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Nature. 2016 Jun 9;534(7606):254-8. doi: 10.1038/nature18297. Epub 2016 Jun 1.

Environmental Breviatea harbour mutualistic Arcobacter epibionts.

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Microbial Fitness Group, Max Planck Institute for Marine Microbiology, Celsiusstraße 1, 28359 Bremen, Germany.
Department of Geoscience, University of Calgary, Calgary, 2500 University Drive Northwest, Alberta T2N 1N4, Canada.
Symbiosis Department, Max Planck Institute for Marine Microbiology, Celsiusstraße 1, 28359 Bremen, Germany.
Institute for Genome Research and Systems Biology, Center for Biotechnology, University of Bielefeld, Universitätsstraße 25, 3615 Bielefeld, Germany.
Max Planck Institute for Biophysical Chemistry, Am Faßberg 11, 37077 Göttingen, Germany.
Biogeochemistry Department, Max Planck Institute for Marine Microbiology, Celsiusstraße 1, 28359 Bremen, Germany.
MARUM Centre for Marine Environmental Sciences, Bibliothekstraße 1, University of Bremen, 28359 Bremen, Germany.
Centre for Comparative Genomics and Evolutionary Bioinformatics, Department of Biochemistry and Molecular Biology, 6299 South Street, Dalhousie University, Halifax, Nova Scotia B3H 4R2, Canada.
Department of Biological Sciences, Mississippi State University, Mississippi State, Mississippi 39762, USA.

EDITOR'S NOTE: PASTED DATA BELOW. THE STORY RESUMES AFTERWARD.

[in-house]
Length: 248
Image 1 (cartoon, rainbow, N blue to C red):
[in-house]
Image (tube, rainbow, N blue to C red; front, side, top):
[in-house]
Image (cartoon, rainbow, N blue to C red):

Breviatea form a lineage of free living, unicellular protists, distantly related to animals and fungi. This lineage emerged almost one billion years ago, when the oceanic oxygen content was low, and extant Breviatea have evolved or retained an anaerobic lifestyle. Here we report the cultivation of Lenisia limosa, gen. et sp. nov., a newly discovered breviate colonized by relatives of animal-associated Arcobacter. Physiological experiments show that the association of L. limosa with Arcobacter is driven by the transfer of hydrogen and is mutualistic, providing benefits to both partners. With whole-genome sequencing and differential proteomics, we show that an experimentally observed fitness gain of L. limosa could be explained by the activity of a so far unknown type of NAD(P)H-accepting hydrogenase, which is expressed in the presence, but not in the absence, of Arcobacter. Differential proteomics further reveal that the presence of Lenisia stimulates expression of known 'virulence' factors by Arcobacter. These proteins typically enable colonization of animal cells during infection, but may in the present case act for mutual benefit. Finally, re-investigation of two currently available transcriptomic data sets of other Breviatea reveals the presence and activity of related hydrogen-consuming Arcobacter, indicating that mutualistic interaction between these two groups of microbes might be pervasive. Our results support the notion that molecular mechanisms involved in virulence can also support mutualism, as shown here for Arcobacter and Breviatea.

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